The Surprise of the Quick Bouncer
How India lost three of their most important wickets against Australia
The first of the three ODIs between Australia and India kicked off on 27 November 2020 at the Sydney Cricket Ground. The home team got off to a good start with the openers having a partnership of over 150 runs. The Aussies went on to put up a total of 374 runs on the board — a fit challenge for the strong Indian batting side.
With the immense amount of bounce offered on Australian pitches, both teams expected a swarm of bouncers throughout their innings. Steve Smith, who suffered a concussion during the 2019 Ashes and has struggled regularly with bouncers, is a target for the Indian bouncers. However, assistant coach for Australia, Andrew McDonald said that he doesn’t see the shorter ball as a weakness for Smith and India can keep coming at him that way if they want.
KL Rahul, along with the help of his senior teammate Ravichandran Ashwin, took an innovative approach to practice for the pace and bounce of the Australian pitches. By using tennis balls delivered to him from a closer distance, Rahul can improve his reflexes. Ashwin uses the racquet to increase the pace of the tennis balls forcing him to act quickly while also making the right decision. Rahul is seen playing the pull shot but trying to get on top of the ball and keep it down, something his skipper, Virat Kohli, is quite strong at.
However, the bounce at Australia seemed to catch Kohli along with two others off guard. India lost their first three wickets within the first ten overs, and all were short deliveries. The first to lose their wicket to the deadly bouncer was Mayank Agarwal who tried to lift it past the boundary but did not expect the bouncer to come at him so quickly and was easily caught by the man at cover. Agarwal did have a strong albeit short innings, scoring 22 runs off 18 balls with two fours and a six.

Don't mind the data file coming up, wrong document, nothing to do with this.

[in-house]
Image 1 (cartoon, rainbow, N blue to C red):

Skipper, Virat Kohli was next to the crease and like Agarwal, started quite strong. He was delivered a quick bouncer early in his innings which, lucky for him, was dropped by Adam Zampa. The next ball was exactly the same and Kohli had learned from his mistake and beautifully pulled the ball for a four. The skipper continued strongly and was quickly adding runs to the board.
Just when he began to settle at the crease, he was surprised with another quick bouncer and was caught by Australian skipper Aaron Finch. Kohli came down the ground and tried to pull the shot but was cramped for room and couldn’t execute his shot well.
Next, Shreyas Iyer walked out onto the crease and needed to stay out there for some time with Shikhar Dhawan and build a strong partnership for the team. Australian pacer, Josh Hazelwood decided to attack the new batsman with the quick bouncer. Iyer was clearly surprised, and while trying to avoid the ball colliding with his helmet, he clipped it with his bat. Iyer sent the ball straight into the air, and it was easily caught by the wicketkeeper, Alex Carey.
Australian skipper, Aaron Finch was also caught out by a bouncer by Jasprit Bumrah in the first innings. Finch tried an uppercut for the short delivery but it was too late. The ball went straight up into the air, and KL Rahul took the catch quite easily.
Shikhar Dhawan and Hardik Pandya were carrying on well with both batsmen scoring half-centuries. Pandya attacked the bowlers and reached his half-century before Dhawan while Dhawan slowed down, and his strike rate dropped well under 100.
Dhawan felt the pressure to up his strike rate and chose to go after Zampa. In an attempt to lift the ball over long-off, Dhawan mistimed his shot and found Mitchell Starc quite easily. This meant that India’s final strong batsman, Ravindra Jadeja, was now at the crease and the pressure was on Pandya and Jadeja to up the run rate but also keep their wicket. Pandya gave in to the pressure four overs later when he lost his wicket to Adam Zampa. With the loss of Pandya, India’s fate was pretty much sealed.
Australian went on to win the match by 66 runs and therefore lead the ODI series 1-0. India will have to adjust to the pace and bounce of the Australian pitches for the rest of the series.